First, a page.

201]]></artwork>
202               <postamble> will match "abc", "Abc", "aBc", "abC", "ABc", "aBC",
203                  "AbC", and "ABC".</postamble>
204            </figure>
205            <t>
206               <list>
207                  <t> To specify a rule that IS case SENSITIVE, specify the
208                     characters individually. </t>
209               </list>
210            </t>
211            <figure>
212               <preamble> For example:</preamble>
213               <artwork type="example"><![CDATA[
214      rulename    =  %d97 %d98 %d99
215]]></artwork>
216            </figure>
217            <figure>
218               <preamble> or</preamble>
219               <artwork type="example"><![CDATA[
220      rulename    =  %d97.98.99
221]]></artwork>
222               <postamble> will match only the string that comprises only the
223                  lowercased characters, abc.</postamble>
224            </figure>
225         </section>
226         <section title="External Encodings">
227            <t> External representations of terminal value characters will vary
228               according to constraints in the storage or transmission
229               environment. Hence, the same ABNF-based grammar may have multiple
230               external encodings, such as one for a 7-bit US-ASCII environment,
231               another for a binary octet environment, and still a different one
232               when 16-bit Unicode is used. Encoding details are beyond the
233               scope of ABNF, although Appendix A (Core) provides definitions
234               for a 7-bit US-ASCII environment as has been common to much of
235               the Internet.</t>
236            <t> By separating external encoding from the syntax, it is intended
237               that alternate encoding environments can be used for the same
238               syntax.</t>
239         </section>
240      </section>
241      <section title="OPERATORS">
242         <section title="Concatenation:  Rule1 Rule2">
243            <t> A rule can define a simple, ordered string of values (i.e., a
244               concatenation of contiguous characters) by listing a sequence
245               of rule names. For example:</t>
246            <figure>
247               <artwork type="example"><![CDATA[
248      foo         =  %x61           ; a
249
250      bar         =  %x62           ; b
251
252      mumble      =  foo bar foo ]]></artwork>
253            </figure>
254            <t>
255              So that the rule &lt;mumble&gt; matches the
256              lowercase string "aba".
257            </t>
258            <t>
259                LINEAR WHITE SPACE: Concatenation is at the core of the
260                   ABNF parsing model. A string of contiguous characters
261                   (values) is parsed according to the rules defined in ABNF.
262                   For Internet specifications, there is some history of
263                   permitting linear white space (space and horizontal tab) to
264                   be freely and implicitly interspersed around major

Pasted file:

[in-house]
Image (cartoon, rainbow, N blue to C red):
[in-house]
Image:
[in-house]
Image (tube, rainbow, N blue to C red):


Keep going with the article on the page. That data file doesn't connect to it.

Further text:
265                   constructs, such as delimiting special characters or atomic
266                   strings.
267                   </t>
268               <t>NOTE:
269                <list>
270                  <t>
271                     This specification for ABNF does not provide for
272                     implicit specification of linear white space.</t>
273               </list>
274            </t>
275            <t> Any grammar that wishes to permit linear white space around
276               delimiters or string segments must specify it explicitly. It is
277               often useful to provide for such white space in "core" rules that
278               are then used variously among higher-level rules. The "core"
279               rules might be formed into a lexical analyzer or simply be part
280               of the main ruleset.</t>
281         </section>
282         <section anchor="Alternatives" title="Alternatives:  Rule1 / Rule2">
283            <t> Elements separated by a forward slash ("/") are alternatives.
284               Therefore,</t>
285            <figure>
286               <artwork type="example"><![CDATA[
287      foo / bar 
288]]></artwork>
289               <postamble> will accept &lt;foo&gt; or
290                  &lt;bar&gt;.</postamble>
291            </figure>
292            <t>
293               <list style="hanging">
294                  <t hangText="NOTE:  "></t>
295                  <t>A quoted string containing alphabetic characters is a special
296                     form for specifying alternative characters and is
297                     interpreted as a non-terminal representing the set of
298                     combinatorial strings with the contained characters, in the
299                     specified order but with any mixture of upper and lower
300                     case.</t>
301               </list>
302            </t>
303         </section>
304         <section anchor="Incremental"
305            title="Incremental Alternatives: Rule1 =/ Rule2">
306            <t> It is sometimes convenient to specify a list of alternatives in